Making Sushi at Home

I’ve been romanced by sushi for as long as I can remember. In fact, I believe I first tried sushi after frequenting sushi bars solely for raw oysters! Yes, raw oysters. My partner-in-crime and I could not wait until we were old enough to drink sake and enjoy raw oysters on the half shell!

I know, it sounds a bit comical, doesn’t it? A lot of our friends were busy getting fake ID’s to get into clubs and here we were, thinking we were sophisticated and “all that”, having sake n sushi with our raw oysters! I was not that one to rush growing up, but then again my outlook was a little different. I embraced everything that came my way … didn’t like some things, but learned how to deal with those situations gracefully.

I got bored of raw oysters after a while. It wasn’t easy, visit after visit, never ordering the beautiful assortment of sushi that seduced me each time. I started off with nigiri sushi – a piece of raw fish, typically, atop of a rice pod, sometimes with wasabi spread in-between. Then it was onto rolls, tempura, noodle and rice dishes.

I have tried a lot of Japanese cuisine but only care for sushi and the like. When one grows up with a mom who is an amazing representation of traditional Cantonese cuisine, any other Asian versions of noodle and rice, well … meh …uneventful. If someone cooks these dishes for me, I am all for it; otherwise, I will not be paying for something I do not enjoy eating.

I have always wanted to make my own sushi, so I set out on this adventure with my kids. One New Year’s Day, we went to Fujiya in Vancouver to get all our ingredients. Since that New Year’s Day, we have made sushi a few times more.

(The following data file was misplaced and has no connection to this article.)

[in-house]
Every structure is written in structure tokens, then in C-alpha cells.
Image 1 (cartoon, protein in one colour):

Cucumber and Japanese fried pancake are cut into strips for easy rolling.


Sushi mats are very inexpensive and are easy to use.



Filling for Negitoro Roll


Negitoro Roll, Salmon Maki, Tuna Maki


Tuna Roll


My little helpers


We saw this neat contraption at the fair, and decided to buy a few.  It is very easy to use, and makes a great stocking stuffer item (hint, hint!)


Cube-shaped sushi – wrapping a strip of seaweed around it makes the sushi look complete.

What I love best about making sushi is that the tools are as minimal as the creations themselves. Sushi are essentially minimalist creations of art.

What is your favourite sushi?

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This entry was posted by Lillian on Thursday, July 21st, 2016 at 6:01 pm and is filed under Appetizers, Other Asian Cuisine, Side Dishes, Snacks, Sushi. You can follow any responses to this entry through the RSS 2.0 feed. Responses are currently closed, but you can trackback from your own site.